Sunday, April 10, 2011


(Following is a text between Miguel's sister, Ellie, 16, and her boyfriend, Diego shortly after the family moves to the shelter.)
Diego: hey. sorry i hassled u yesterday. i was messed up. mom kicked dad out. changed r fone to unlisted.
Ellie: how come.
Diego: long and short he drinks 2 much. cant keep a job.
Ellie: she mite change her mind. my mom always does.
Diego: dont think so. i am so down. need u so bad. lets go out tonite. cheer each other up.
Ellie: i cant. i m exhausted and miguels acting crazy. hates this place. hates us.
Diego: i could lean on him.
Ellie: no need. he will calm down. gotta go. fone bill due an i m almost broke.
Diego: i keep tellin u. let me pay 4 it. if i get u unlimited we can talk and text all we want.
Ellie: i dunno. have 2 think about it.
Ellie: u there.

EXCERPT following an incident when Miguel goes ballistic, almost hurts Ellie in a serious way, and insults Mom.

(Miguel) What I hate most about the House of Hope is there’s no “half way” around here. It’s too quiet or it’s too noisy. You feel lonely or wish people would go away.
his morning, though I wake up early and feel okay for some reason. Look around the room. Ellie’s dressed and perched on the desk. Texting like mad. Mom’s sitting up in bed, reading a small white book.
I dress under the covers, make my bed, and head out.
“Hold on,” Mom says. “I need to talk to you kids.”
Ellie raises a finger. “One sec, okay? I have to tell my boss I’ll be out a couple more days.” A minute later, she flips her phone shut. “Okay, shoot.”
Mom takes a deep breath, says, “See this book? It’s about our state’s family violence laws. I’ve been reading it off and on since we got here.”
She blinks hard. “You know I’m worried Dad will make trouble for me at work or try to pick you kids up at camp, right?” She closes her eyes, sighs. “So this morning I’m meeting with Marsha, a family violence advocate. She’ll help me get a temporary restraining order.”
“What’s that?” Ellie says and finger-combs her curls like they’re on fire.
Mom stuffs the book in her purse. “It’s a paper signed by a judge that says Dad can’t abuse us or even come near us for two weeks.”
“And then what happens?”
Mom shrugs. “I'm not sure. I’m taking this one step at a time.” The bruise on her jaw is fading to green and yellow. Maybe her evidence against Dad is fading, too. Maybe he won’t go to jail.
Dad in jail! Can’t believe I’m even thinking about it. I don’t know anyone else whose father’s in jail. What if the guys find out? Will they rank on us, tell everybody?
My voice squeaks. “Did you get Dad arrested?”
Mom frowns. “No. When this order runs out, though, I have to go back to court and try to get long-term custody of you kids. Dad will be there to hassle me, that's for sure.”
“But we’re already living with you,” I say. “Why bother?”
“Because if I don’t get legal custody, he can snatch you anytime and nothing will happen to him.”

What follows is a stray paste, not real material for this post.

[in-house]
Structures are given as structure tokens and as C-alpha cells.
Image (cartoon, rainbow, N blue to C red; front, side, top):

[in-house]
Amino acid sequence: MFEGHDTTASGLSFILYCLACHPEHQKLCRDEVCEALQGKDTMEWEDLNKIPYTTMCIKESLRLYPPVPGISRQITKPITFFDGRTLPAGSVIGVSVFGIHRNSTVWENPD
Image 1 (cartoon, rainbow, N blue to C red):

“Wouldn’t it be easier to give him another chance?” I ask. “He’s gotta be sorry.”
Ellie rolls her eyes. “He’s always sorry, estupido—until the next time!”
Mom nods. “Miguel, he’s had too many chances already and now he’s hurt Ellie and Moochie. You could be next. I don’t want him around me or you kids, period.”
“Fine with me,” Ellie says. “I don’t want to visit him. He’ll spend the whole time trying to find out where we’re living.”
“That’s bull,” I say.
Mom shakes her head. “I don’t think so, Miguel and I refuse to deal with him anymore. I’m done.”
“But what about Tae Kwon Do?” I ask. “Dad’s the one who always takes me to my dojang and watches my practices and promotion tests.”
Ellie’s neck does its snaky thing. “Right, let’s be sure to keep up the Tae Kwon Do lessons so we’ll have two guys in the house who punch and kick real good.”
"I never punched or kicked you!"
“No, you just almost clocked me with your football!”
I hear Master Han, my karate teacher’s gentle, firm voice in my head. Students, never forget: Tae Kwon Do is about self-control, not aggression!
He would never do what I did to Ellie yesterday. He would never say what I said to Mom.
“You’re right, El. I’m sorry. I won’t do that again, ever.”
“Hmmm, lemme think,” Ellie says. “How many times has Dad made promises like that?”
Mom goes to the door. “Okay, that’s enough! Time for breakfast. I’m due at court in an hour.”

The anger and confusion Miguel and Ellie feel is fairly typical. The abuser may have been good them for years. May have been supportive of their school and outside activities. Sometimes the abuser may even be able to hide his abuse from the children until they grow old enough to understand or witness it.

Parental love is not easy to shuck off. Some kids have by the time they come to the shelter because they are angry at the abuser and the restrictions he puts on their lives. Others may have seen many "amends" and what appears to be genuine remorse on the abuser's part. Like their mother, they hope he will change into the person they used to or still love.

Meanwhile, it is safer for anger, the imitation of Dad's behavior, sadness and confusion to surface once chidren are at the shelter. They hear others describing similar abuse, begin to understand they are not alone, not crazy, and not stupid.
It is the beginning of a long, scary but potentially rewarding journey. They deserve admiration for their courage and they certainly have mine.

1 comment:

Anonymous said...

great texting dialog